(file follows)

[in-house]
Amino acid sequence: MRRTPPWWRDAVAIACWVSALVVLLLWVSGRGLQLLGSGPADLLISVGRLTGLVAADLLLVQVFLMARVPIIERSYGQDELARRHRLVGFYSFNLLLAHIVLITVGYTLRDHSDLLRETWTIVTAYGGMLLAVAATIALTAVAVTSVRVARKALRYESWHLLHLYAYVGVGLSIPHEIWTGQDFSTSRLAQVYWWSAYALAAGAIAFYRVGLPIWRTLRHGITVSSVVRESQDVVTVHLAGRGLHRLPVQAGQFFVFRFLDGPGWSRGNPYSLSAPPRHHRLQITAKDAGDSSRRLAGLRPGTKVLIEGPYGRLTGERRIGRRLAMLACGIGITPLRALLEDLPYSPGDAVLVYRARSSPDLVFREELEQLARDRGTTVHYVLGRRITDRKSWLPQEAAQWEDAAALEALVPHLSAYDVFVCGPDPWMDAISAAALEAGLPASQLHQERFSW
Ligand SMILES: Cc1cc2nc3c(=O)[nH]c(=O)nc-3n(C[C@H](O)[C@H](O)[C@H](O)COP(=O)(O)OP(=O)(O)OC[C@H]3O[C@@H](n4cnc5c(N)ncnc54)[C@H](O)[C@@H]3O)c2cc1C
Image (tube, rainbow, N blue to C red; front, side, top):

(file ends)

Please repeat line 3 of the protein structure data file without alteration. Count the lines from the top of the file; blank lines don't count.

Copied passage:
Ligand SMILES: Cc1cc2nc3c(=O)[nH]c(=O)nc-3n(C[C@H](O)[C@H](O)[C@H](O)COP(=O)(O)OP(=O)(O)OC[C@H]3O[C@@H](n4cnc5c(N)ncnc54)[C@H](O)[C@@H]3O)c2cc1C